Dr. Ethel Hall, author of My Journey: A Memoir of the First African American to Preside Over the Alabama Board of Education, was praised by several newspapers for her commitment to quality education for the state’s children. In his column for the Birmingham News, John Archibald noted Hall’s legacy as one of concern for children over all other considerations:
“As a 7-year-old she came to live with relatives in North Birmingham so she could get schooling unavailable to her in rural Madison County. She remembers teachers who made students read with inflection, who seemed harsh but pushed her to excel long into life.
So it hurts when she sees students who can’t expect the same learning she got in Birmingham 75 years ago.
‘It’s just sad,’ Hall said. And it’s made sadder because too many people run for school boards with no notion of what that job is about. They don’t read, she said. They don’t study. They don’t prepare. . . .’
And that ought to be Hall’s legacy, I think. Serving on a school board should be an honor and responsibility, but not a stepping stone.”
Arnold’s endorsement of Dr. Hall’s focus on the children is an important reminder of the commitment anyone working in the field of education should have. It also underscores the current malaise affecting many school systems, which fail to provide the quality of education Dr. Hall experienced as a child many years ago.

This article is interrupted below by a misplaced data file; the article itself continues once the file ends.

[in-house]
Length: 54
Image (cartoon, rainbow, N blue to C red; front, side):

Also in the Birmingham News, Jeremy Gray recalled Hall’s career in an article on her appearance at the Birmingham Civil Rights Institute on September 30, where a reception in her honor was held.
And The Talladega Daily Home called Hall a “living legend” and her memoir “a touching testimony of dedication and courage.”
The attention given by these newspapers to Dr. Hall is evidence of her remarkable reputation and record as an advocate for children and for excellence at all levels of education in the state, a story which is told more fully in her book.